Bryn Mawr Classical Review 2012.07.24
François Paschoud (ed.), Histoire Auguste - Tome IV, 3e partie: Vies des Trente Tyrans et de Claude. Collection des universités de France. Série latine. Paris: Les Belles Lettres, 2011. Pp. xlv, 367. ISBN 9782251014609. €60.00 (pb).
Reviewed by David Rohrbacher, New College of Florida (email@example.com)
This volume is Paschoud’s third contribution to the multi-authored, slowly appearing Budé edition of the so-called Historia Augusta, the imperial biographical collection which purports to be written by six different authors in the early fourth century, but which was in fact almost certainly written by a single author many decades later. Paschoud’s two volumes on the lives attributed to the pseudonym “Flavius Vopiscus” surpass in comprehensiveness and insight the other volumes of the collection,1 and this volume of the final lives attributed to “Trebellius Pollio” offers another densely packed and illuminating commentary on all aspects of the HA.
The unusual book entitled Lives of the Thirty Tyrants comprises the short biographies of thirty-two figures who, the author claims, attempted to usurp the throne during the reigns of the emperors Gallienus and Valerian. The historical record failed to produce such a large number of actual usurpers, and so the author has included in the collection historical figures who did not in fact revolt, historical figures who revolted under other emperors, and finally entirely fictional figures. The book is repetitive and mostly imaginary, but because the author does depend at times upon more sober lost sources (Dexippus and the biographical collection known as Enmann’s Kaisergeschichte), this section of the HA is important to the reconstruction of the otherwise poorly documented third century. Paschoud offers the historian a detailed and accurate guide through the difficulties of the text, with extensive citation of parallel passages in the late Latin and Byzantine sources.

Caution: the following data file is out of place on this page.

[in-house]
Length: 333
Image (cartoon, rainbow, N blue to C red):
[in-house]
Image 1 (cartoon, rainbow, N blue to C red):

The Life of Claudius, according to Paschoud’s calculations, is the book of the HA that contains the second smallest percentage of factual material (14%), outdone only by the book on the usurpers Firmus, Saturninus, Proculus and Bonosus, which contains not a single true piece of information. The few facts in the Life are diluted by the inclusion of many tedious false letters which are little more than enumerated lists of military supplies or gifts, and similarly tedious false reports of acclamations and oracles associated with the emperor. Still, the discursive introduction and the panegyrical treatment of Claudius as the ancestor of the supposed dedicatee, Constantius Caesar, are of some interest as literature, if not as biography.
Paschoud’s occasional changes from Hohl’s text, for which he makes good use of the prose rhythm studies of Zernial and the better suggestions of Soverini, are clearly explained and reflect his good judgment.2 The commentary is particularly strong in its discussion of the challenging late and technical diction and syntax of the work, which are the source of some of the many textual problems. These lives have been translated into French fairly recently by André Chastagnol.3 Chastagnol is more elevated and formal, Paschoud more colloquial and somewhat more literal. As a result, Chastagnol is more pleasant to read, but Paschoud better represents the generally low register of the Latin of the HA.